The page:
I think a bold new vision for creating employment opportunities across greater Western Sydney beyond construction is overdue. The 2020 Catalyst West Report produced by Western Sydney University highlights the region as a centre for innovation and creativity. Western Sydney has the solutions and the science for creating vibrant and liveable communities despite urban heat build-up, unsustainable urban design, isolated suburban communities and fractured transport links.
The employment strategies presented across the budget assume job readiness and continue to focus on male-dominated industries such as construction and infrastructure projects. The planned $10 million back-to-work program granting women up to $5000 to help them back into the workforce simply does not go far enough to assist the women and girls made unemployed in NSW following the pandemic. The extraordinary challenges the COVID-19 pandemic has created provides governments with unique opportunities for both economic and social recovery. We must invest not only in building more places – but to foster the creative aspiration in the fastest growing region in NSW – Western Sydney.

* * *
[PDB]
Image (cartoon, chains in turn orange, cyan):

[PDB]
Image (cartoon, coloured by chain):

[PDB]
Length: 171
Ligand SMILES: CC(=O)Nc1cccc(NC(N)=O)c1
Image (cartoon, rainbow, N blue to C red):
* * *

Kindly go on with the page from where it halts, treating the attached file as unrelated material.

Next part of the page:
The $1.6 billion Digital Restart Fund in the budget promotes a whole-of-sector approach to digitisation and service transformation. It seems critical to invest in digital infrastructure for the state but these changes present challenges for people who do not have access to digital technologies, particularly people on low incomes and older people See the ACOSS report here. The culture of undisputed reliance on digital technologies has highlighted some gaping inequities, mainly that not everyone has access to digital spaces or digital technologies. Girls and women are disproportionately affected globally, and locally, there is a rising gap between those with access and those without. We know in Australia that women are less digitally included, particularly older women. Investing in approaches that address the digital divide are critical if our economy is to recover. Inclusive approaches are not simply about ethics and fairness. Ensuring the most vulnerable are resourced for digital resilience will ensure widespread recovery from an economic recession.